MV = PY
or in percentage change form:
% Change in M + % Change in V = % Change in P + % Change in Y
if V is fixed and Y is fixed, then it reveals that % Change in M is what
induces % Changes in P.
The quantity theory of money states that the central bank, which
controls the money supply, has the ultimate control over the inflation
rate. If the central bank keeps the money supply stable,the price level
will be stable. If the central bank increases the money supply rapidly,
the price level will rise rapidly.
Chapter Four
17
The revenue raised through the printing of money is called
seigniorage. When the government prints money to finance
expenditure, it increases the money supply. The increase in
the money supply, in turn, causes inflation. Printing money to
raise revenue is like imposing an inflation tax.
Chapter Four
18
Chapter Four
19
Economists call the interest rate that the bank pays the
Nominal interest rate and the increase in your purchasing power the
real interest rate.
r=i-π
This shows the relationship between the nominal interest rate
and the rate of inflation, where r is real interest rate, i is the
nominal interest rate and p is the rate of inflation, and remember
that p is simply the percentage change of the price level P.
Chapter Four
20
The Fisher Equation illuminates the distinction between
the real and nominal rate of interest.
Fisher Equation: i = r + p
The one-to-one relationship
between the inflation rate and
the nominal interest rate is
the Fisher effect.
Actual (Market)
Real rate
Inflation
nominal rate of
of interest
interest
It shows that the nominal interest can change for two reasons: because
the real interest rate changes or because the inflation rate changes.
Chapter Four
21
The quantity theory and the Fisher equation together tell us how money
growth affects the nominal interest rate. According to the quantity
theory, an increase in the rate of money growth of one percent causes a
1% increase in the rate of inflation.
According to the Fisher equation, a 1% increase in the rate of inflation
in turn causes a 1% increase in the nominal interest rates.
Here is the exact link between our two familiar equations: The quantity
equation in percentage change form and the Fisher equation.
% Change in M + % Change in V = % Change in P + % Change in Y
% Change in M + % Change in V =
p
+ % Change in Y
i=r+ p
Chapter Four
22
The real interest rate the borrower and lender expect when a loan is
made is called the ex ante real interest rate. The real interest
rate that is actually realized is called the ex post real interest rate.
Although borrowers and lenders cannot predict future inflation with
certainty, they do have some expectation of the inflation rate. Let p
denote actual future inflation and pe the expectation of future inflation.
The ex ante real interest rate is i - pe, and the ex post real interest rate is
i - p. The two interest rates differ when actual inflation p differs from
expected inflation pe.
How does this distinction modify the Fisher effect? Clearly the nominal
interest rate cannot adjust to actual inflation, because actual inflation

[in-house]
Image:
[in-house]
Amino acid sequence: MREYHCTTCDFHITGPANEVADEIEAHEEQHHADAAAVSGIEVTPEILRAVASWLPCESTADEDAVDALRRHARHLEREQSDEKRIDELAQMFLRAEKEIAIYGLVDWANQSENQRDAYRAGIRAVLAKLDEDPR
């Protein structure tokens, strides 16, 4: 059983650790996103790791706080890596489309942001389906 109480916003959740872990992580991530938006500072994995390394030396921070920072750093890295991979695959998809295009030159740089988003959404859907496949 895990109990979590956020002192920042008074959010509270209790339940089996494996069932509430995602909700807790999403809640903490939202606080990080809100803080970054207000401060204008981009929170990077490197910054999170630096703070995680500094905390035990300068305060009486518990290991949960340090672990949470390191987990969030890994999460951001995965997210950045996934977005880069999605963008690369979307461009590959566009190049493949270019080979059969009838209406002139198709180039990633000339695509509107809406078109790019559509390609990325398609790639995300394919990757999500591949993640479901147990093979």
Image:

is not known when the nominal interest rate is set. The nominal interest
rate can adjust only to expected inflation. The next slide presents a
23
Four
moreChapter
precise
version of the the Fisher effect.
i = r + Ep
The ex ante real interest rate r is determined by equilibrium in the
market for goods and services, as described by the model in
Chapter 3. The nominal interest rate i moves one-for-one with
changes in expected inflation Ep.
Chapter Four
24
The quantity theory (MV = PY) is based on a simple money demand
function: it assumes that the demand for real money balances is
proportional to income. But, we need another determinant of the
quantity of money demanded—the nominal interest rate.
The nominal interest rate is the opportunity cost of holding money:
it is what you give up by holding money instead of bonds. So, the new
general money demand function can be written as:
(M/P)d = L(i, Y)
This equation states that the demand for the liquidity of real money
balances is a function of income (Y) and the nominal interest rate (i).
The higher the level of income Y, the greater the demand for real
money balances.
25
Chapter Four
Inflation & the Fisher Effect
Money Supply & Money Demand
As the quantity theory of money explains, money supply and money
demand together determine the equilibrium price level. Changes in
the price level are, by definition, the rate of inflation. Inflation, in
turn, affects the nominal interest rate through the Fisher effect.
But now, because the nominal interest rate is the cost of holding
money, the nominal interest rate feeds back into the demand for money.
Chapter Four
26
The inconvenience of reducing money
holding is metaphorically called the
shoe-leather cost of inflation, because
walking to the bank more often induces
one’s shoes to wear out more quickly.
When changes in inflation require printing
and distributing new pricing information,
then, these costs are called menu costs.
Another cost is related to tax laws. Often
tax laws do not take into consideration
inflationary effects on income.
Chapter Four
27
Unanticipated inflation is unfavorable because it arbitrarily
redistributes wealth among individuals.
For example, it hurts individuals on fixed pensions. Often these
contracts were not created in real terms by being indexed to a
particular measure of the price level.
There is a benefit of inflation—many economists say that some
inflation may make labor markets work better. They say it
“greases the wheels” of labor markets.
Chapter Four
28
Hyperinflation is defined as inflation that exceeds
50 percent per month, which is just over 1percent a
day.
Chapter Four
Costs such as shoe-leather and menu costs are much
worse with hyperinflation—and tax systems are
grossly distorted. Eventually, when costs become too
great with hyperinflation, the money loses its role as
store of value, unit of account and medium of
exchange. Bartering or using commodity money
29
becomes prevalent.
Economists call the separation of the determinants of real
and nominal variables the classical dichotomy. A
simplification of economic theory, it suggests that changes in
the money supply do not influence real variables.
This irrelevance of money for real variables is called
monetary neutrality. For the purpose of studying long-run
issues—monetary neutrality is approximately correct.
Chapter Four
30
Inflation
Hyperinflation
Money
Store of value
Unit of account
Medium of exchange
Fiat money
Commodity money
Gold Standard
Money supply
Monetary policy
Chapter Four
Central bank
Federal Reserve
Open-market operations
Currency
Demand deposits
Quantity equation
Transactions velocity
of money
Income velocity
of money
Real money balances
Money demand function
Quantity theory of money
Seigniorage
Nominal and
real interest rates
Fisher equation
Fisher effect
Ex ante and ex post
real interest rates
Shoeleather costs
Menu costs
Real and nominal
variables
Classical dichotomy
Monetary neutrality
31

similar documents